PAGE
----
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TV Ratings on Sex, Violence and Substance Abuse Offer Little Help to Parents

​​​Research shows there is a relationship between young people seeing sexual content on television and the risk of teen pregnancy, seeing violence and teen aggression, and seeing depictions of smoking and drinking and youth substance use, which is why the US Congress asked the entertainment industry to develop a TV Parental Guidelines rating system over 20 years ago. However, a study conducted by researchers at the C. Everett Koop Institute at Dartmouth and published in the September 2016 Pediatrics (published online Aug. 22), “Industry Television Ratings for Violence, Sex and Substance Use,” shows these industry ratings were ineffective in warning parents about content that might not be appropriate for children to view. Researchers compared 323 episodes of 17 television shows for sex, violence, smoking and drinking, and found that only sex and gore were demonstrably more prevalent in mature rated shows. All other risk behaviors were pervasive across most rating categories, especially interpersonal violence (occurring in 70 percent of episodes) and alcohol use (in 58 percent of shows), but also smoking (31 percent). Study authors concluded that in this sample of shows, the ratings system did little to help parents discriminate and limit exposure to these behaviors. More research is needed across more television shows to monitor and improve the TV Parental Guidelines.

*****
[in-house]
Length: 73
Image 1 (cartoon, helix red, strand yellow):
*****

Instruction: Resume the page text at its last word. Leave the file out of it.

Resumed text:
The American Academy of Pediatrics is an organization of 66,000 primary care pediatricians, pediatric medical subspecialists and pediatric surgical specialists dedicated to the health, safety and well-being of infants, children, adolescents and young adults. For more information, visit

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